That is indeed how you get them.

"Nice attempted blast about my "drinking".  I do enjoy a nice cuppa, but that is because I am a bon vivant of gregarious nature and cheery disposition." - Ab
Samwise
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Reply #31 on: September 10, 2014, 09:41:31 AM

The gnomes took a vote and decided that if they were going to have to spend days cowering in the Great Hall hiding from Giant Fucking Bugs, it'd need to be a little less cramped.  And maybe have some showers.



We're still working on getting running water (I don't think showers are actually a thing), but the new and greater Great Hall is coming along quickly.  Decorative stone walls (in serpentine), stone doors (in sandstone), apple-wood chairs and tables.  I'm even going to fire up the kiln and start on some ceramic tile for the floor.  Shit's gonna be fancy.

In technological news, Quinton has invented some useful things: traps and crossbows.  Two bronze crossbows have been built and are waiting for me to come up with a new squad formation that will make use of them.  In the meantime I'm finally trapping the fuck out of the gated entrance to my kingdom.



Right before I snapped this screenshot, a bear ran through the line of blade traps around the map's edge and took enough hits to start bleeding, so I'm hoping I'll see a message later telling me it's bled out and I can just go pick it up.  You can see I've built a labyrinth (lined by a trench instead of a wall so that I'll have the option of having snipers take potshots at enemies while they run the gauntlet) and am setting spike traps all along that.  I'm not actually sure yet what the difference is between the two; I think blade traps have more AoE, so I'm having them around the outer edge with the idea of softening up big clumps of lightly armored goblins.

We've also got a new crew of gnomads, so everyone killed in the mant incident has been replaced.  Next task will be figuring out this whole crossbow thing, and maybe doing some more mining because all of my ore has mysteriously been used in trap construction.

"Nice attempted blast about my "drinking".  I do enjoy a nice cuppa, but that is because I am a bon vivant of gregarious nature and cheery disposition." - Ab
Samwise
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Reply #32 on: September 12, 2014, 12:12:32 AM

The new traps are working out well.  Here's the aftermath of a squad of goblins springing all the traps and then arriving on my doorstep minus a few gallons of blood:



My kingdom worth is high enough now that the goblins come with lots of armor and even the occasional ogre.

The new and improved militia is up and running.  Two squads now, each headed by a guy in full bronze armor, with three light-armored backstabbers and one sniper.  Megrim has been promoted from full-time yak poop shoveler to part-time poop shoveler and part-time marksgnome.  I've also moved the training area over to the Labyrinth of Pain so that my soldiers will see incoming goblins BEFORE they get to my doorstep, and before poor Quinton goes running out to reset the traps.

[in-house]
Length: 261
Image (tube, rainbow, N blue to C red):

Mining operations continue; I've mined out a few levels now, which is how I'm able to upgrade my military equipment (I'm working on adding more heavy armor to the squads so there's a higher tank:squishy ratio).  I've also finished remodeling the Great Hall, and added a few more bedrooms to accommodate the new gnomads that the hall is attracting:



New tech developments have been coming in as well; we now have levers and mechanical walls, which might be enough for me to start experimenting with more advanced trap designs.

"Nice attempted blast about my "drinking".  I do enjoy a nice cuppa, but that is because I am a bon vivant of gregarious nature and cheery disposition." - Ab
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Reply #33 on: September 12, 2014, 12:29:24 AM

Thanks for this write up Sam!

Looks good, going to give it a try when I return.  Even if it doesn't quite have the sociopathic level of detail DF has, I mostly gloss over that shit and never pay attention to individual dwarves anyways.  This looks like it still has all the core systems I liked to play with in DF (plus some original stuff).

"My great-grandfather did not travel across four thousand miles of the Atlantic Ocean to see this nation overrun by immigrants.  He did it because he killed a man back in Ireland. That's the rumor."
-Stephen Colbert
Samwise
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Reply #34 on: September 12, 2014, 10:21:25 AM

I'm glad this is actually useful/entertaining to people.   DRILLING AND MANLINESS  I'm taking suggestions from the peanut gallery if anyone wants me to focus on something in particular.

"Nice attempted blast about my "drinking".  I do enjoy a nice cuppa, but that is because I am a bon vivant of gregarious nature and cheery disposition." - Ab